Favorite Memories from a Semester Abroad

I am finally done writing about my semester abroad.  It’s a bittersweet moment because I know I will never be able to explore and travel the way I did when I was a student in Europe for five months.  However, I am happy to be back home with my family and friends.  I made the most incredible friends abroad, changed the way I think, and now am more determined to see the world.  A big thank you to my wonderful roommates and friends who made it so fun to travel, the strangers who helped me when I was lost, the people who accommodated me, and my family for making this possible.

I thought it would be fitting to go back and recount some of my favorite memories from those five months.  So without further ado, here is my Top Five Favorite Memories from my Semester Abroad.

5. My First Fùtbol Game

Valencia vs Sevilla Game

The Valencia vs Sevilla game was first fùtbol game I had ever been to, and I was not prepared for the excitement and rowdiness of it.  We had terrible seats (but it did allow me to get this cool picture), but almost all of us from our program had gone together and we all really got into the game.  Some Spanish guys next us were nice enough to teach us the chants, and we all had a blast yelling and cheering.  It was the most fun I’ve ever had at a sporting event.  Nothing can compare to an entire stadium of (mostly drunk) Spaniards cheering at a fùtbol match.

4. Hidden Trail in Guimaraes, Portugal

Hidden Trail in Guimaraes

After my cousin and I had to cancel our Camino de Santiago, we made other travel plans.  We had been in Porto for a few days, and my cousin had left to go back to LA.  I was still in Porto for another day, so I decided to take a day trip.  I picked the first placed I saw on Google that looked interesting and ended up in Guimaraes.  I had spent the day exploring the tiny town, and was honestly a little bit disappointed.  I was going to take an early train home, however, I saw a sign for a trolly that went up one of the mountains and decided to check it out.   When I got to the top, I found an amazing hiking trail that led you through hidden crevices, dense forests, and to beautiful religious artifacts.  Not to mention, the view of the Guimaraes below was stunning.  I spent the rest of the day exploring the area and ended up having to take the very last train of the night.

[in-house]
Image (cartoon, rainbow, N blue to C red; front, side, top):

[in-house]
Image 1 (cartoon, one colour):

3. Las Fallas Festival in Valencia, Spain

Fireworks in Plaza Ayuntamiento before La Crema

For those of you who have never heard of Las Fallas, it is a week long festival that happens in our very own Valencia, Spain.  I was lucky enough to live in Valencia, because I know that hostels and hotels can get extremely overpriced during this time.  I loved not only experiencing the festival but experiencing it as a local.  We spent a whole week eating churros, watching light shows, seeing huge monuments slowly get built, learning about the history of the festival, watching amazing fireworks displays, and partying.

Las Fallas began a long time ago when carpenters tossed their old/unused materials into a huge pile and then burned them.  This tradition eventually evolved into what we have today.  Each neighborhood in Valencia works together to create their own monument made out of wood, paper, and other flammable materials.  Some of the monuments were pretty small, but some of the neighborhoods had seven or eight story monuments. All of the monuments are burned at the end of the week in a ceremonial burning.  Throughout the week, there are tons of firework shows.  These were seriously some of the most intricate and loud shows I have ever seen.  For the last few days, they have a show in the main park that lasts a whole thirty minutes.  Imagine thirty whole minutes of explosions, increasingly getting louder and more intense until it ends in your ears exploding and everybody cheering.  The whole week of festivities is something I recommend to everyone if you get the chance.

2. Bars and Blarney Castle in Ireland

Blarney Castle Grounds

When I first started traveling, I would research obsessively about the places I was going to.  I would spend hours looking at pictures, creating a detailed itinerary, and reading other people’s reviews.  I’ve realized that this influenced the way I personally experienced places and attractions.  When I did this, I was going into things with a certain set of expectations, and sometimes I would be disappointed.  Nowadays, I simply look up places to get a rough idea where to go, and then I do no further research.  Then I talk to the locals to hear about their recommendations.

This was the case with Blarney Castle.  Sarah and I decided to visit Blarney Castle because it was close to Cork, and we wanted to see a castle.  We had no idea what to expect, and I think that is what made our experience even better.  I have to say the castle grounds were one of the most beautiful places I’ve ever been to.  We stayed there for as long as we could, well past closing time, and explored as much as we could.  We felt like little kids loose on a playground.  After leaving the castle, we decided to get dinner at a restaurant in Blarney before heading back to Cork.  We also ended up staying at the restaurant longer than intended because we discovered that there were live bands playing at night.  We bought a couple of drinks and vibed with the music until the last bus came.